In early July of 1973, just a few days before the Giants sold McDowell, they re-activated the 43-year-old McMahon, again to the status of relief pitcher-pitching coach. He was now the oldest player in the majors, and this season, in 22 games and 30 innings over the second half, McMahon was simply brilliant, throwing high-velocity strikes and putting hitters away seemingly without breaking a sweat. He was 4-0 with six saves and an ERA+ of 260.
Nevertheless, the following spring management declined to keep him on the active roster.
“(Giants’ owner) Mr. Stoneham for some reason wanted me out, he just wanted me to be the pitching coach. He wanted to bring along some young guys.”
But for the second straight year, that wasn’t to be.
“The guys we had in the bullpen all of a sudden got hurt. Randy Moffitt got hurt … and the other guys weren’t doing the job.”
So in late May 1974, the Giants again activated McMahon. Over a period of just over a month, he made nine mop-up relief appearances, performing this time without brilliance, but with solidly effective results.
Then the Giants chose to release McMahon and return him to coach-only status. By releasing him they exposed him to waivers; any other team could have picked him up, had McMahon agreed to go.
“I debated a couple of days … whether to go around and pitch someplace else or stay there. And if I didn’t have the six kids, I would have done it. Because I knew I could still get them out. I felt that way. But how long can you go?”
Not much longer than McMahon, who’d thrown fastballs in 874 major league games, and another 226 in the minors. In July 1974 he opted to retire as a player, and stayed on as the San Francisco pitching coach.
His tenure on the Giants’ coaching staff would last only through 1975; following that season Stoneham sold the franchise, and the new management cleaned house. But McMahon’s work with the Giants’ staff had gained positive notices, and he would go on to pitching coach stints with the Minnesota Twins (1976-77), with the Giants again (1980-82), and with the Cleveland Indians (1983-85).
“I got along with the young guys great. I’d go to the movies with (Don) Carrithers and (Ron) Bryant all the time. They’d call me, ‘What’s at the movies, Goat?’ They’d call me the Old Goat. And (Alan) Gallagher, we’d go to all the places.
“I always got along with the younger guys. I think they appreciated me telling them the truth.”
In 1987, McMahon was working as a special assignment scout for the Los Angeles Dodgers, the franchise to which he’d been a devoted fan as a Brooklyn schoolboy in the 1930s. On July 22, 1987, while pitching his customary pre-game batting practice at Dodger Stadium, the 57-year-old McMahon suffered a heart attack, and passed away. He left his wife Darlene and six children.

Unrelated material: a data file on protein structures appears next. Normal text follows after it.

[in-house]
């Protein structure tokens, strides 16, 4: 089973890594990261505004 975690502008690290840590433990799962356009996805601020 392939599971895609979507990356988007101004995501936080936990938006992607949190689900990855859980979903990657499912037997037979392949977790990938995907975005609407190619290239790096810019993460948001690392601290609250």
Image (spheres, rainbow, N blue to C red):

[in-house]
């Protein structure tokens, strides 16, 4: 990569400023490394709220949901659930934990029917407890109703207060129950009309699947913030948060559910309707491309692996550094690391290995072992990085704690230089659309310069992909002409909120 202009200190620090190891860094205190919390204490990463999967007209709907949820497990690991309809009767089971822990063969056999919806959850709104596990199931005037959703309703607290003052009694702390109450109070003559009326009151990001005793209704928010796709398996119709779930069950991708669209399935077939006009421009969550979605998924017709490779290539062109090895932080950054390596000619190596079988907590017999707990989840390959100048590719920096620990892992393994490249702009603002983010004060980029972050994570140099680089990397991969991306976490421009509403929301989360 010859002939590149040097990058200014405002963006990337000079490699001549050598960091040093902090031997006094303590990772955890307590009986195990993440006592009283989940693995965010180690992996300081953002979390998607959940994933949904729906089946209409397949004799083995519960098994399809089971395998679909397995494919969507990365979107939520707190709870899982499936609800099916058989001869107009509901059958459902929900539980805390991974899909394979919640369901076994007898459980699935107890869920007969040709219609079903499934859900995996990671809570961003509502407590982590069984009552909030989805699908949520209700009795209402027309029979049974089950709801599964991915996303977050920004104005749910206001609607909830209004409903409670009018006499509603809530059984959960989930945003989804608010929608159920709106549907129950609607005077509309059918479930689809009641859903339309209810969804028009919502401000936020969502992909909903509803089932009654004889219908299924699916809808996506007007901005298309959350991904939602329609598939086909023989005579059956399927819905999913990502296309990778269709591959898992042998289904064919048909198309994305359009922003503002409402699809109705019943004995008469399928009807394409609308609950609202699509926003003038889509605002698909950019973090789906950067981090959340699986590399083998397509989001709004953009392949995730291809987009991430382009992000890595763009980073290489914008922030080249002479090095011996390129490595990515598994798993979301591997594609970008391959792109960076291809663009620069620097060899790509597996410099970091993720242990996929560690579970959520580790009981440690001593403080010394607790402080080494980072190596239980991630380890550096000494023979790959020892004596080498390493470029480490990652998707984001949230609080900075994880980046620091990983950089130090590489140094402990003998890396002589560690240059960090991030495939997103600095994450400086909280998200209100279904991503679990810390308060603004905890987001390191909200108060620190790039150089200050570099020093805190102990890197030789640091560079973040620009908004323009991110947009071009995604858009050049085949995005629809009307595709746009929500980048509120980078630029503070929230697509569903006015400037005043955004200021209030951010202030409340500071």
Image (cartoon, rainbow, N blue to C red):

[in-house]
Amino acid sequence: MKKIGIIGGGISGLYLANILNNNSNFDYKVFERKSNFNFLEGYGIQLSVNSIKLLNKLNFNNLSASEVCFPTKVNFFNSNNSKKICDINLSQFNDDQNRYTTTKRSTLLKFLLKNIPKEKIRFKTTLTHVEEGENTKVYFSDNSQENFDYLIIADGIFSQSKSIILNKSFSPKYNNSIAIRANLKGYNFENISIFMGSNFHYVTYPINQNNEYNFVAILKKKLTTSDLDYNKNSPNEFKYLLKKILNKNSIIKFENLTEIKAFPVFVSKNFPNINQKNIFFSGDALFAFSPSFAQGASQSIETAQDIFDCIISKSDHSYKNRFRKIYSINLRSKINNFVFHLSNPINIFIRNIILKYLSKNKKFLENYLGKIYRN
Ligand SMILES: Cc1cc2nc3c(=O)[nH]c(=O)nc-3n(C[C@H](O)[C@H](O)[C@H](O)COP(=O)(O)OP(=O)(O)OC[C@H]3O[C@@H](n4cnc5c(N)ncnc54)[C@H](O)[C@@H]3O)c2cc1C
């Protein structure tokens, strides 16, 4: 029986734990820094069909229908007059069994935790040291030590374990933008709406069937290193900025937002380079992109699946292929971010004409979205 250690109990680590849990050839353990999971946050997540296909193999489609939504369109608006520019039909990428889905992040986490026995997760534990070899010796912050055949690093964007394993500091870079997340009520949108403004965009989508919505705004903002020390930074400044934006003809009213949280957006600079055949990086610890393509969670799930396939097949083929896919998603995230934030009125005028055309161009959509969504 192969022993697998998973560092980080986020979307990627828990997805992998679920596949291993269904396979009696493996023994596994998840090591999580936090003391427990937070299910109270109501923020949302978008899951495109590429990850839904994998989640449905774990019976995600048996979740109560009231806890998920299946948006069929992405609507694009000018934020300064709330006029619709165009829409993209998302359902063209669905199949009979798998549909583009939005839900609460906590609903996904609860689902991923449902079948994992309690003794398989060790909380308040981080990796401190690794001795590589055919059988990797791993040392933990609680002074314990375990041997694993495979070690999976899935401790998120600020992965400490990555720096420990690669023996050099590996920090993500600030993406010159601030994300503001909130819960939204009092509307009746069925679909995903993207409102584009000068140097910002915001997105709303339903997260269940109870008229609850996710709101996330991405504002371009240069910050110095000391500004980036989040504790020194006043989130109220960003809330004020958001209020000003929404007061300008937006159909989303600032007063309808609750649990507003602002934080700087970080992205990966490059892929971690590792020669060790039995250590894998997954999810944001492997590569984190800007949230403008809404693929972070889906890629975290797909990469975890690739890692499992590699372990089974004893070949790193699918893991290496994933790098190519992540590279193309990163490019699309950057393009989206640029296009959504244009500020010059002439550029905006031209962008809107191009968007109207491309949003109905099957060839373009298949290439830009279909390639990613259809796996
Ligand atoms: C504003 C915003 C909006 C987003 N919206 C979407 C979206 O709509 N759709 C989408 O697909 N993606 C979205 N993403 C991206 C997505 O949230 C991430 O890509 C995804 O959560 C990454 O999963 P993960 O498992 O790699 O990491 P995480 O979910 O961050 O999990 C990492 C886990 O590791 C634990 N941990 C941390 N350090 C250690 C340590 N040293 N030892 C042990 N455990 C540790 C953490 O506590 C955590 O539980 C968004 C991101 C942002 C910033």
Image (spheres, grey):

Hall of Famers who were teammates of Don McMahon
Hank Aaron, Luis Aparicio, Al Kaline, Juan Marichal, Eddie Mathews, Willie Mays, Willie McCovey, Joe Morgan, Gaylord Perry, Red Schoendienst, Enos Slaughter, Warren Spahn, Hoyt Wilhelm and Carl Yastrzemski
Additional All-Stars who were teammates of Don McMahon
Pitchers: Johnny Antonelli, Steve Barber, Gary Bell, Bob Buhl, Lew Burdette, Gene Conley, Pat Dobson, Dick Donovan, Elroy Face, Dick Farrell, Mudcat Grant, John Hiller, Joe Hoerner, Joe Horlen, Joey Jay, Tommy John, Jack Kralick, Mickey Lolich, Jim Lonborg, Mike McCormick, Sam McDowell, Denny McLain, John O’Donoghue, Jim O’Toole, Gary Peters, Juan Pizarro, Pedro Ramos, Claude Raymond, Bob Rush, Jose Santiago, Bob Shaw, Sonny Siebert, Dick Stigman, Dean Stone, Steve Stone, Ralph Terry, Luis Tiant, Jerry Walker, Stan Williams, Wilbur Wood, Hal Woodeshick and John Wyatt
Infielders: Joe Adcock, Sandy Alomar, Max Alvis, Mike Andrews, Bobby Avila, Frank Bolling, Ray Boone, Ken Boyer, Don Buford, Norm Cash, Alvin Dark, Jim Davenport, Billy Goodman, Ron Hansen, Jim Ray Hart, Dick Howser, Ron Hunt, Eddie Kasko, Norm Larker, Johnny Logan, Felix Mantilla, Billy Martin, Dick McAuliffe, Roy McMillan, Bill Melton, Billy Moran, Rico Petrocelli, Pete Runnels, George Scott, Chris Speier, Johnny Temple, Mickey Vernon and Don Wert
Outfielders: Tommie Agee, Ken Berry, Bobby Bonds, Jim Busby, Bob Cerv, Gino Cimoli, Rocky Colavito, Tony Conigliaro, Vic Davalillo, Tommy Davis, George Foster, Tito Francona, Chuck Hinton, Willie Horton, Dave Kingman, Jim Landis, Gary Matthews, Andy Pafko, Richie Scheinblum, Al Smith, Reggie Smith, Rusty Staub, Frank Thomas, Tom Tresh, Leon Wagner and Jim Wynn
References & Resources
The McMahon quotes are from Mike Mandel, SF Giants: An Oral History, Santa Cruz, California: self-published, 1979, pp. 175, 177-9.